[Nonfiction Wednesday] A Drumbeat that Demands Justice in Nina’s “Raging Storm of Song”

Myra here.

We are delighted to dedicate our Wednesdays to featuring nonfiction titles, as per usual. We would also be linking our nonfiction choices with our reading theme throughout the year, when we can.

This year, we hope to feature books that fit any of the following criteria:

  1. Postcolonial literature and/or [pre/post] revolutionary stories
  2. Stories by indigenous / first-nation peoples / people of colour
  3. Narratives of survival and healing, exile and migration, displacement and dispossession
  4. Books written or illustrated by people who have been colonized, oppressed, marginalized

Nina: A Story of Nina Simone (Amazon | Book Depository)

Written by Traci N. Todd Illustrated by Christian Robinson
Published by: G. P. Putnam’s Sons Books for Younger Readers (2021) ISBN: 9781524737283 (ISBN10: 1524737283). Literary Award: Coretta Scott King Book Award Nominee, Illustrator (2022) Borrowed via Overdrive. Book photos taken by me.

This picturebook biography provides a detailed narrative of Nina Simone’s life story, born Eunice Kathleen Waymon on 1933 in North Carolina. I was fascinated by the entire story, especially from a talent development perspective: how the young Eunice learned to play the piano from her father, and how she needed to find a White benefactor for her talent to truly flourish. The book creators also surfaced how this ‘benevolence’ is double-edged, predicated upon Nina ‘knowing her place’ and necessitated the entire community’s financial help for the lessons to continue.

I find it noteworthy how Traci N. Todd and Christian Robinson did not shy away from the many injustices young Eunice had to contend with as a talented Black girl, and how she stood grounded and firm on what she knows to be right and true.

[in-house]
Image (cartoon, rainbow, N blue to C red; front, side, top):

Her pathway to recognition was not smooth. Just when she thought her talent and hard work were enough for her to realize her dreams, she was confronted with rejection after rejection that nearly made her give up. With a glass of milk in hand, she continued playing and playing, until her voice was heard over the airwaves and changed the face of American music.

I found the image above especially compelling. It surfaces how becoming a part of a movement is not always a matter of choice. What probably sets this picturebook biography apart from others is how it juxtaposes Nina’s personal narrative with societal events – and how one influenced the other, and shaped Nina’s music for years to come. There is also a detailed Afterword and a list of bibliography for teachers and parents to scaffold young people’s understanding of Nina’s journey as a musician.

Here’s Nina Simone singing I Put A Spell On You to provide the perfect spell-binding background music as you find yourself a copy of this award-winning book.

#DecolonizeBookshelves2022 Update: 13 out of target 100

February 2, 2022 at 06:30AM Myra Garces-Bacsal